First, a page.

Identifying competitive manufacturing countries.
I recently read about the Boston Consulting Group (BCG) report on global manufacturing cost competitiveness, which identified how the list of competitive countries has changed over the past decade.
This report is important because many executives still consider that China is low cost, while western Europe and other developed countries are expensive. Based on this consideration, companies continue to outsource production and develop long supply chains in the hope of gaining a competitive edge against other businesses and thereby increase profits.
The BCG report identifies that Brazil is now a high cost country, Mexico is cheaper than China and eastern Europe is comparable with America. Does it mean that factories in the ‘old’ low cost countries must be closed and production facilities moved? And if so, what are the potential changes for global supply chains?
A statement in the report reminds us not to be hasty. “When companies build new manufacturing capacity, they are typically placing bets for twenty five years or more; they must carefully consider how relative cost structures have changed and how they are likely to evolve in the future”. Not many years ago, the UK was considered to be non-competitive and that manufacturing should be allowed to fade away as new services business grew; now the UK is the lowest cost manufacturing country in Europe.
Is the BCG Index valid?
The BCG Global Manufacturing Cost-Competitiveness Index measures cost-competitiveness under four direct economic drivers: wages, productivity growth, energy costs and currency exchange rates.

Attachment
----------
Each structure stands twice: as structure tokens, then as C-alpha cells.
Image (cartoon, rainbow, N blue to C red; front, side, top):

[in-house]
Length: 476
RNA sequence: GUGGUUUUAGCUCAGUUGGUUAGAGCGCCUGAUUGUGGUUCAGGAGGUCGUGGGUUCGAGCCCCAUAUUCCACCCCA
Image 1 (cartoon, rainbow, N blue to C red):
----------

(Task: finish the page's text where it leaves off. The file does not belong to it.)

Of the twenty five countries studied, the least competitive is Australia, with a manufacturing cost structure nearly thirty percent higher than America. This appears to be a bleak situation, but is it?
Since 2002, Australia has lived with a resources ‘boom’ (also called a curse). The four stages of a ‘boom’ are: increased demand with increased prices; investment to ‘catch-up’ with demand; increased production and finally the crash, as production exceeds demand and prices collapse.
The decade covered by BCG was in the second phase of the ‘boom’ – investment on equipment and high wages, without an increase in output; productivity growth was therefore low. This is now rising as the industry moves into phase three; high production and lower wages, as thousands of workers are retrenched.
Australia escaped the GFC of 2008, but as a ‘safe’ financial centre which pays higher interest rates than other developed countries, it has high currency exchange rates. These rates should decrease as the economy shifts away from excessive reliance on mineral exports.
So, just by rebalancing the economy, Australia is likely to move up the BCG Index. This illustrates that the BCG Index (and similar reports) must be treated with great caution as it only measures four selected factors over a period of time; not whether an economy is inherently competitive.
The lesson for logisticians is to be careful in selecting documents that appear to support your proposal.
Always analyse the underlying validity of what is being stated, because if you do not, then someone else will!